Biserko received the award for her tireless efforts and active international involvement in human rights. Especially for her efforts in working with refugees, documentation of war crimes and women's rights.
Previous winners: 2009 - 1986
2009: Nils Johan Lavik
Lavik received the award for his long-term commitment and work for refugees in Norway, and to have contributed to enhancing knowledge of and respect for human rights among doctors and medical staff.
2008: Erik Møse
Møse received the prize for his tireless efforts and his active international involvement for many years for the promotion of human rights.
2007: Khaled Abou El Fadl
El Fadl received the prize for his prolific and insightful analysis of Islamic Law and Human Rights.
2006: Ole Henrik Magga
Magga was awarded for his tireless efforts and active international involvement for the Sami indigenous people in Norway and recognition of indigenous peoples worldwide through a number of years.
2005: Theo van Boven
Theo van Boven received the prize for his long-lasting and fruitful contribution to fight torture, enforced disappearance and other severe violations of human rights.
2002: Asma Jahangir
The Pakistani lawyer and human rights activist received the prize for her fight against honour killings in her home country, and her international work as UN Special Rapporteur on extrajudicial, summary or arbitrary executions.
2001: Magen David Adom (MDA) and the Palistine Red Cresent Society (PRCS)
They received the prize for their outstanding humanitarian contribution during the present conflict in the Middle East.
2000: Radhika Coomaraswamy
The Sri Lankan director of the International Centre for Ethnic Studies in Colombo, and the United Nations special rapporteur on violence against women, including its causes and consequences.
1998: Maria Paz Rojaz Baeza
The Chilean doctor and human rights activist, received the prize as a recognition of her work with torture victims and her involvement in human rights issues in South America.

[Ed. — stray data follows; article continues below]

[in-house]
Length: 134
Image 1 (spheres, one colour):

1996: Felice Lieh Mak
A Chinese professor of psychiatry who has actively fought against laws of discrimination (forced abortion, mentally retarded) proposed by the Chinese authorities.
1995: Adam Demaci
The Kosovar-Albanian author received the prize for his non-violent opposition to the Serb occupation.
1994: Kristian Ottosen
Ottosen received the prize for his lifetime work of documenting the fate of all Norwegians who were captured by the Nazis and incarcerated in Germany during World War II.
1993: Gerhard Schoenberner
Schoenberner received the prize for his activities to teach Germans about the terrors of the Nazis.
1992: Lopez and Marcelliano
Lopez and Marcelliano received the prize for their fight against violence and torture in the Philippines.
1991: Eigil Nansen
Nansen received the prize for his work with refugees and human rights.
1990: Georg Klein
The Swedish pathologist received the prize for his life long dedication to humanistic work.
1989: Inge Genefke
Genefke received the prize for her work at the rehabilitation centre for torture victims in Copenhagen.
1988: Robert Lifton
Lifton received the prize for his study on the aftermath of the atomic bomb and the psychology of Nazi-KZ-doctors.
1987: A. Koragin
The Russian psychiatrist received the prize for his fight against the political misuse of psychiatry.
1986: Elie Wiesel
Wiesel got the prize for his outstanding contribution toward the humanization of humanity and thereby to the cause of peace.